Report Card 2023 – is the Scottish Government delivering for cycling?

The past year in Scottish politics has been a turbulent one with a new first minister and changes in transport minister. Ahead of Humza Yousaf’s first Programme for Government, our campaigns and policy manager, Jim Densham, analyses the progress government has made for cycling and sustainable transport over the past year

With MSPs heading back to Holyrood after their summer recess and government due to set out its programme of work for the year ahead, it’s a good opportunity to look back at progress made over the past year for cycling and sustainable transport.

This Programme for Government (PfG), expected on 5 September, will be the third of this parliament – since the 2021 election.

I have analysed the Scottish Government’s progress against its own commitments from the 2022 PfG, with the same method I used in last year’s report on progress, but this time there is also an assessment of how progress on delivering policies has changed since the previous report card.




Zero progress or no information available


Some progress made but commitment not met. Action may be ongoing or set for future


Commitment met or positive progress in meeting future commitment

Status change:  Stable ( )  Improved ( )  Worsened ( )



Status change from 2022

2023 status


Active travel funding

Commitment remains strong. Active travel budget boosted to £189m. Delays in funding for projects has caused widespread concern

New Cycling Framework for Active Travel

Positive strategic framework published. Transformation Project ongoing

Network Planning & Active Freeways

No progress made


Free bikes for kids

Pilot schemes provided 3,800 free bikes by Mar 2023. Funding continues

Scotland Cycle Repair Scheme

Successful project fixed over 80,000 bikes from Aug 2020 - Mar 2023. Scheme funding withdrawn by government for 2023/24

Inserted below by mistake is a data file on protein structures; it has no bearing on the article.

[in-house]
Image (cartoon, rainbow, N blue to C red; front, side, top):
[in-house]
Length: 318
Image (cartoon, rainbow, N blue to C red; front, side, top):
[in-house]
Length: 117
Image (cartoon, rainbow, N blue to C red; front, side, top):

20-minute neighbourhoods

Draft guidance for local authorities published and policy included in NPF4

Safe to school initiatives

No information available


20mph zones

Planning work continues for rolling out 20mph zones across Scotland

Car km reduction Route Map

Route Map consultation in 2022 but publication of final strategy delayed throughout 2023

Low Emission Zones

Glasgow LEZ in force despite last-minute legal challenge. Bus restrictions have seen air quality improvements

Mobility & scrappage scheme
Fund launched

Dashcam safety portal

Remains in early stage of development

Speed Management Review

No information available

Fair Fairs Review

Bus service regulation & support

Bus services decline but franchising regulation promised

Promote free bus travel for under 22s

Nearly 1m young people benefiting – approx 70% of 12-21 year olds

Mixed progress in the past year

A highlight of the past year was the new record level of funding for active travel in the autumn budget – it remains on course to reach at least £320m next year. A new strategy to guide government work on cycling for everyday journeys has been published and many policies which require long-term development have seen positive progress.